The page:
We worked and worked and stayed up late on Thursday so we could get out of here Friday morning. We planned to leave by "10 or 11" and pulled out of the driveway at 11:05. Typical! We left separately, me with the horse trailer and a ewe we were going to drop off at the breeder's and Brian with the pickup we were dropping off to be worked on while we were gone. I went to the bank, he made a few stops, and we met up at his uncle's (he is our mechanic).
I parked on the road and got out to check the ewe. I opened the side door on the trailer and was surprised that the ewe didn't startle and jump up. It took me a few seconds to realize why. She must have put her front feet up on the manger (4ft tall) and got her left front foot stuck in a big gap where the manger had rusted out. To make it worse, she tried to get down and ended up in an almost sitting position, essentially hanging from her foot with it way above her head and her toe pointing at the ground, thus make a hard angle at the last joint. I jumped in a straddled her, trying to pick her up so she could free her self. I started yelling for Brian to help and when he got in he was able to pull her foot out.
She would not stand and was shaking, obviously traumatized. I petted her for a few minutes and tried to calm her down. We were only 2 miles away from our next stop so we continued on. At Brian's stepsister's house we stopped. I was supposed to trim her pony's feet. Turns out the pony didn't want to be caught so we didn't get it done. We opened up the trailer and got the ewe to stand but she would barely put weight on her injured leg. She was in no condition to go see the ram so we headed back home. We parked the trailer in the shade, left out some bute (pain medicine) for our neighbors to give her, and put food and water in with her. I hated to leave her but we were running way behind and like Brian said, there really wasn't much I could do at that point. I will say that a newer trailer just moved up on our list.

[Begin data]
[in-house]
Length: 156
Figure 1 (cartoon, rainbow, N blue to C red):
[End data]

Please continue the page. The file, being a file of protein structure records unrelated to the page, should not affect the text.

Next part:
Our next stop was Wind Racer Farm in Charlotte, Michigan. The farm's co-owner, Violet Hickey, had contacted me recently to say that she had some Blue Slate and Bourbon Red turkeys ready to go to a new home. The turkeys look great and we really enjoyed visiting the farm and talking with Violet and her family. If you're looking for local food in her area I would look her up for sure. We still have not decided if the turkeys are right for us. It is a wonderful opportunity for us to branch out in to heritage turkeys with the hope of breeding our own. On the downside we would have to feed and house them all year. I'd love your thoughts on this!
Oh and pictured here is one of Violet's Buckeye hens with chicks that she hatched herself!
On to Ohio! We rolled in to the Fulton County Fair just in time for the truck and tractor pull. Our friend Rob Foster runs Simply Red so we had fun cheering him on. Of course Brian likes it a little more than me but I finished up one sleeve on my latest baby sweater while I was watching! :)
Next stop: a dairy farm! :) Stay tuned for less talk, more pictures, and a lot more fun!!
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